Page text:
A proposed three-story building with 30 age-restricted housing units at 233 Danbury Road — a lot near the rec center — is headed back to public hearing Tuesday, Oct. 9.

The plan was submitted by Ridgefielder Marty Handshy under 8-30g, the state’s affordable-housing law that incentivizes builders to include price-restricted housing in their developments. In exchange, the law allows builders to skirt local zoning rules, allowing them to build without town restrictions on building size, height, or housing density.

“It gives [developers] preferential treatment in court,” Planning and Zoning Chairwoman Rebbeca Mucchetti told The Press on Oct. 8.

If a town rejects an application under 8-30g, “the municipality would have to prove in court that the need for public housing is outweighed by public health and safety,” she said.

Nine of the 30 units included in the proposed plan would be set aside as affordable housing. Of those, five would be restricted to tenants making 60% of the state median income, while four would be restricted to tenants making 80% of the state median income.

All of the units will be sold, not rented, and all would be restricted to tenants ages 55 and older.


Neighbors of the proposed site say they want it built elsewhere.

“Turning residentially zoned areas into apartment buildings will chase away those who moved here for schools, privacy, and Main Street,” said Tanton Hill Road resident Joann Zettl, in a letter to the editor that ran in the Oct. 4 edition of The Press.

At stake for neighbors are concerns that the building will fundamentally change the neighborhood character, and that such a large development will create traffic snarls. They also argued it would put additional strain on water drainage and town’s public service departments — chiefly police, fire and highway.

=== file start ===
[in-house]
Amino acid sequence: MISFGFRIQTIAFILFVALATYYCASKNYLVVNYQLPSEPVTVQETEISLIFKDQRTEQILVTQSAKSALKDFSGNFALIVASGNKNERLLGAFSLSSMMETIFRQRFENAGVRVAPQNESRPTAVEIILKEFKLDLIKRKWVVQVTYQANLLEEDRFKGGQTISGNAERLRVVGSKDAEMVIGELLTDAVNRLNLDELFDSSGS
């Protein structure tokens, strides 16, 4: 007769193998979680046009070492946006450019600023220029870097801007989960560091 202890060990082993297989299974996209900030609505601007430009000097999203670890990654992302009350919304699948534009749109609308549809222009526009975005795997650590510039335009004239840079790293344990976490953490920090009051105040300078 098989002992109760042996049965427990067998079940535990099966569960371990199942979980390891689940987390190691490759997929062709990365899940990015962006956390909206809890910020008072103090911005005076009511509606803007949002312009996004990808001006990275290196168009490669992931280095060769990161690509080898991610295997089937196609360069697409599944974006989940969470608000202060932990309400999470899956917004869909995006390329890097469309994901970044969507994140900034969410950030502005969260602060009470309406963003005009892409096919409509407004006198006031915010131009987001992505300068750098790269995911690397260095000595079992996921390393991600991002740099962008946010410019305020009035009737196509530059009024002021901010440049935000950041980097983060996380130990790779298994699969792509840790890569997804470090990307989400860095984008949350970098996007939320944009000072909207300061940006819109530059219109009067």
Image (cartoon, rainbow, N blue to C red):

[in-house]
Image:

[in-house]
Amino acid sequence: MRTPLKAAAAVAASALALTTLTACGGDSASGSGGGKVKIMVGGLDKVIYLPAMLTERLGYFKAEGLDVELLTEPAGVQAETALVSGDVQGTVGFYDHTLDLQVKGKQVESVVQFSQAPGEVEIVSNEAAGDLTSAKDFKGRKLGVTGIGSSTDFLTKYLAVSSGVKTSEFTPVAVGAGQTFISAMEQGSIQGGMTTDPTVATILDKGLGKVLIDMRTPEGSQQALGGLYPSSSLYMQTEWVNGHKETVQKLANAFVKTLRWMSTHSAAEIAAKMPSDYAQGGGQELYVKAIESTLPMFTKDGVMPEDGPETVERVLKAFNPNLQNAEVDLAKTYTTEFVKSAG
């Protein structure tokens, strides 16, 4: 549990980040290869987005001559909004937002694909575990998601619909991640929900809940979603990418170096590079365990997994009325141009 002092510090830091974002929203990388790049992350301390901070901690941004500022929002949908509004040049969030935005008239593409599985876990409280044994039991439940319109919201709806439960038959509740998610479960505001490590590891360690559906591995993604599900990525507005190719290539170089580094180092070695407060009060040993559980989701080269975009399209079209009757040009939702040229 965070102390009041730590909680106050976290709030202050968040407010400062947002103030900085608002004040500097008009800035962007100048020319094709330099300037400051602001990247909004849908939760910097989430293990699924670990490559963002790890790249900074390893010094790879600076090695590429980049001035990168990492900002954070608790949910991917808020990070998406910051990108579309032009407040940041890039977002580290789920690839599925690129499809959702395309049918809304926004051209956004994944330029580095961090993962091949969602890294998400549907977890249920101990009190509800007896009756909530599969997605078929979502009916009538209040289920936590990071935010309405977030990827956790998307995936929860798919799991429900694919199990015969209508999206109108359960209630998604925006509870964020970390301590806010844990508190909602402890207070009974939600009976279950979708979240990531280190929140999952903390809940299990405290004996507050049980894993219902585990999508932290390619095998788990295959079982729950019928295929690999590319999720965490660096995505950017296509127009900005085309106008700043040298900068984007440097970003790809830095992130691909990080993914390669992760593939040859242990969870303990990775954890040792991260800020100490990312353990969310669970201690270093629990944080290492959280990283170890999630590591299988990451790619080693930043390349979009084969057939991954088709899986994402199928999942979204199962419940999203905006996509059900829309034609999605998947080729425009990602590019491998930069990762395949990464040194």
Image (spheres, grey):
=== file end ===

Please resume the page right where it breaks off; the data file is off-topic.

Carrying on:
Zettle has created an online petition with her husband, Marc, calling for residents to protest the building’s approval with the town Planning and Zoning Commission, because they claim it would negatively impact the rec center walking path that runs near the site.

The Zettls live on Tanton Hill Road near the proposed site.

As of noon on Monday, Oct. 8, the petition had acquired 106 signatures out of a goal of 1,000.


While six neighbors — all residents of either Conley Court or Tanton Hill Road — turned out to voice their opposition to the project when the public hearing opened on Sept. 19, other residents showed up to support Handshy’s development.

Danbury Road resident Kelby Edwards told the commission that he is excited for the project, because it would give residents with adult children who have special needs an affordable place to live.

Several current residents of Handshy’s other development, the age-restricted townhouse complex at 77 Sunset Lane, also said they were in favor.

Several echoed that they were “the lucky ones” who found housing in the complex, which meant that they could continue to afford living in Ridgefield after retirement.

Mucchetti said the meeting will begin with the applicant, responding to concerns raised during peer-review and public comment on Sept. 19. The commission and their peer-review experts will then have a chance to ask questions, before the meeting turns over to public comment. She suggested that she might open the meeting with an explainer on the commission’s role and limitations on 8-30g applications.

Editor's note: an earlier version of this story incorrectly stated that public comment had closed for the 233 Danbury Road application. Members of the public will have the opportunity to speak on Tuesday, Oct. 9.